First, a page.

Only Police Officers Are Gained by Strict Control of the Market
The Soonam market in Chungjin was regulated on 11th and 12th. On 13th, an administrative officer picked up a megaphone in front of the market and warned that “people should enter the market only when it opens in the afternoon and the peddlers who are not allowed to use the sales booth cannot sell goods in the market”. On this day, 20 peddlers who were not supposed to sell goods inside of the market were caught as they spread goods and sold them around the market. After each is fined with 500 won, the regulated goods are supposed to be returned back according to the rules, but the police officers are pocketing some of them. On 14th, Joo Mi-Young (alias) was caught while she was peddling food, and approximately 40 kilograms of rice, 20 kilograms of glutinous rice, and 40 kilograms of crushed maize were confiscated. Later, she received them back and checked them to find out about 5 kilograms of both rice and glutinous rice were disappeared. She went to a police officer to ask about it, but only to be hurled vulgar abuses, such as “this OOOOO vixen dares to run amok here”. This type of case in which Ms. Joo had experienced occurs to 30-40 people per day on average, and if one includes peddlers who came from local regions, sometimes it occurs to more than 50 people. Once a violation is discovered upon inspection, a fine is imposed and a report is made, but if they receive 40 cases, they report about 20 cases only to the superior authority. Then they siphon off the fines and divide them among themselves. In such a way, the police officers are earning 5,000 to 10,000 won per day on average. If the siphoned commodities are added here, a daily earning of police officers is pretty substantial. People are just infuriated at this news.

[Politics]
Hoeryong, “Do not roam around unnecessarily after 7pm”
The Security Bureau of Hoeryong City, North Hamgyong Province announced residents through the heads of Neighborhood Unit to restrict outdoor activities after 7 pm in response to increasing crimes of robbery and murder. According to the Security Bureau’s announcement, robbers specializing in fraud from Chung-Jin infiltrated to the city, so residents should take precautions by refraining from roaming around and checking the doors. The Bureau official also emphasized that those who offer accommodation to non-resident relatives and strangers for money will be punished by being sent to the reeducation center.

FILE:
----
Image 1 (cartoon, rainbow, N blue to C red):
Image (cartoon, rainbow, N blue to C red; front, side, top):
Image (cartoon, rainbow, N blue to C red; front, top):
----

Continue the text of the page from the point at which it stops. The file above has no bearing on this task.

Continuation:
ChungJin, Helpless at the Continuous Occurrence of Murder Cases
The Security Bureau of Chungjin, North Hamgyong is bogged down with the rapidly increasing robbery and murder cases on top of the extreme poverty rate. Around 9p.m. on March 4th, a murder occurred in Songpyung district. Myung-Chul Kim of Nam-Hyang Town, Po Hang District was discovered dead, beaten hard on the head. According to his family, Mr. Kim left home on his bike and the missing bicycle seems to indicate it has been stolen. Although the police officers of the Security Bureau of Songpyung District have issued warrants to catch the murderer and started investigation and interviewed ex-convicts in the area, there has been no progress. Furthermore, due to the inundation of murder cases, there are many cases that are left untouched. As they recognize lack of manpower as the cause of this problem, the Security Bureau of North Hamgyong is looking for solutions with which to increase the number of patrol officers per area as well as adding more patrol units.

[Society]
“Do Not Get food from Someone Else’s House”

Jeoung-hee Lee (alias) is a middle school teacher living in Soonchun, South Pyongan Province. Seeing that school attendance has been decreasing due to food shortages, she took a simple survey in her class, asking her students to raise their hands if they eat porridge at home for sustenance. Half of the class raised their hands. Lee said that she urged her students to never beg for food at someone else’s household during a time of crisis. She taught her students that it is now unscrupulous for one to even eat at a close friend’s house. Lee said “although it is meant to be a joke, there is a saying that men nowadays may drink liquor at their friend’s house, but not eat a grain,” and reflected on the direness of the food shortages.

The Poor Need Help, but Everyone is in the Same Situation
The heads of the neighborhood unit are having troubles as the national government ordered to help the poor. They complain "Everyone is on the same boat. Who can help whom? We take all the blame from people because we have to urge people to contribute to help the poor." Han Sun-wha (alias), the head of the neighborhood unit in Soonchun City, South Pyongan Province, said that she feels uncomfortable by the fact that she is in charge of collecting non-tax payment given that most households are poor. Regarding the situation of her neighbors, she comments as follows: